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04-22-2010, 12:25 PM
European air traffic resumes, weeks remain to clear backlog


STOCKHOLM, (Xinhua): Europe's air traffic slowly returned to normal Tuesday with almost half of scheduled flights taking to the skies, but officials warn it could take weeks to clear the backlog of millions of passengers stranded after an Icelandic volcano erupted on April 14.

After the EU allowed member states to open their airspace early on Tuesday, Britain reopened air traffic at night after some delays, joining the Netherlands, France, Germany and other countries who already allowed some airlines to fly since Monday.

Eurocontrol, the body coordinating air traffic control across the region, said almost three-quarters of European airspace were open late Tuesday. It expected just under half of the 27,500 flights over Europe to take off, a marked improvement over the last few days.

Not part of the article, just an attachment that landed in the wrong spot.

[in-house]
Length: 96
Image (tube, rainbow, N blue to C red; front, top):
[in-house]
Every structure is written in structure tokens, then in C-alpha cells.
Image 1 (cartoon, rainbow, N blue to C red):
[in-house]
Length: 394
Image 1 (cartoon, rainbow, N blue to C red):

Eurocontrol predicted the number of takeoffs to be almost back to normal by Friday.

At London's Heathrow airport, Europe's busiest, a British Airways flight from Vancouver touched down Tuesday night, the first flight since the shutdown, signaling the opening of British airspace and giving a huge boost to travelers and air freight.

British Airways said it expected about two dozen flights from the United States, Africa and Asia to land by early Wednesday.

The Netherlands led the continent in allowing passenger flights Monday. Air France plans to run all long-haul flights on Wednesday, while Poland announced it would reopen its airspace Wednesday morning as of 0500 GMT.

Germany, with its major Frankfurt hub, kept its airspace largely closed until at least 0000GMT, although some 800 flights operated on Tuesday.